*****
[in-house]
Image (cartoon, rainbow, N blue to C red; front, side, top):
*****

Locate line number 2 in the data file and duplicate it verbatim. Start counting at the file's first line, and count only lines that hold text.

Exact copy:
Image (cartoon, rainbow, N blue to C red; front, side, top):